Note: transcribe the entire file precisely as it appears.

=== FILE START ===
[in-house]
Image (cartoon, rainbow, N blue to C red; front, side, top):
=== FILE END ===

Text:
[in-house]
Image (cartoon, rainbow, N blue to C red; front, side, top):